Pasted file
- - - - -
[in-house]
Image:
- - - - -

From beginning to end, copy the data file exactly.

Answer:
[in-house]
Image: